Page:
Then the New York attorney-general disclosed in court papers she is investigating whether Trump and his family business committed fraud; both the president and the Trump Organisation have denied wrongdoing.

Meanwhile, Wisconsin’s governor deployed the National Guard following a night of unrest in Kenosha, where police on Sunday shot a Black man multiple times in the back. 

TRUMP ON THE ATTACK

Earlier in the day, the president repeated his assertion that voting by mail, a long-standing feature of American elections that is expected to be far more common during the coronavirus pandemic, will lead to widespread fraud.

Independent election security experts say voter fraud is extraordinarily rare in the United States. 

"The only way they can take this election away from us is if this is a rigged election," Trump said. "We’re going to win this election."

As he has done repeatedly, Trump described states’ responses to infections of Covid-19, the illness caused by the coronavirus, in starkly partisan terms, casting lockdowns and other steps recommended by public health officials as attempts to influence voting in November.

“What they’re doing is using Covid to steal an election,”Trump said. “They’re using Covid to defraud the American people - all of our people – of a fair and free election.” 

https://twitter.com/realDonaldTrump/status/1297965457404723202
 
 
 

During the prime-time programme, the party aired a video praising Trump for his handling of the pandemic, after Democrats spent much of their convention attacking his administration for an uneven response.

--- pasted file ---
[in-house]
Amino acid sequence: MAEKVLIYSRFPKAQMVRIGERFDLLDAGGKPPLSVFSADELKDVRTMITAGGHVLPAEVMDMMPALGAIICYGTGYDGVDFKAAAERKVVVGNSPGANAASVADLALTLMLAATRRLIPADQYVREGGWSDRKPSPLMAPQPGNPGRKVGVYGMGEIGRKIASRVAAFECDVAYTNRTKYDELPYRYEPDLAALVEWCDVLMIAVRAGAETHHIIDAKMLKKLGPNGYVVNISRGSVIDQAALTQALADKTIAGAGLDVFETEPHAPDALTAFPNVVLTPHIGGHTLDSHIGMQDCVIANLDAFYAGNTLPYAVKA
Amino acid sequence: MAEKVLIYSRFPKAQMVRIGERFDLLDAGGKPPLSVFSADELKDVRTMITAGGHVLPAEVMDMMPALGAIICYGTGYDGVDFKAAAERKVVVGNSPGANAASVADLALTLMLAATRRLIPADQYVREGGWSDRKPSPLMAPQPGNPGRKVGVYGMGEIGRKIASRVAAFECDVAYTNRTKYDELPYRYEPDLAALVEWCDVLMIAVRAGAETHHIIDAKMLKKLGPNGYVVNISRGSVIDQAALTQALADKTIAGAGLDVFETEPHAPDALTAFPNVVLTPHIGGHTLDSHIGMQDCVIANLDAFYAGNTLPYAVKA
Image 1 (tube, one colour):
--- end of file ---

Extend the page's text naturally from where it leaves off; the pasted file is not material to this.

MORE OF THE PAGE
Medical professionals and small-business owners credited Trump with saving lives and livelihoods. 

But during a prerecorded appearance at the White House, where Trump spoke with several essential workers including some frontline health workers, none of the participants wore masks, which has become a partisan flashpoint despite recommendations from epidemiologists that masks can slow the disease’s spread.

The night showcased some of the party’s diverse members to try to appeal beyond Trump’s largely white base, including Senator Tim Scott, the lone Black Republican in the Senate, and Nikki Haley, Trump’s former ambassador to the United Nations, who is Indian American.  

"In much of the Democratic Party, it’s now fashionable to say that America is racist," said Haley, who is widely seen as a possible future presidential contender. "That is a lie. America is not a racist country." 

But the programme also featured speakers seemingly aimed at firing up Trump’s base, including Mark and Patricia McCloskey, a couple from St. Louis who drew national attention for brandishing guns at Black Lives Matter protesters who marched past their home. 

 
 
 

As befits the first president who starred in his own reality television show, the four-night event will focus heavily on Trump himself. 

While his acceptance speech will not come until Thursday, when he will address Republicans from the White House, Trump plans to appear each night, and several members of his family were due to deliver prime-time speeches. 

In contrast to the Democratic convention, which featured three former presidents, the Republican event does not include former Republican President George W. Bush, who has declined to endorse Trump’s reelection.  

Biden, 77, is leading Trump, 74, in opinion polls. Biden and his fellow Democrats portrayed Trump as a force for darkness, chaos and incompetence during their convention, while stressing the Democrats’ diversity and values like “empathy” and “unity.”